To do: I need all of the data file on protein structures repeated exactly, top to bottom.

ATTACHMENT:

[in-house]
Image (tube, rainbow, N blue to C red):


[in-house]
Image (tube, rainbow, N blue to C red):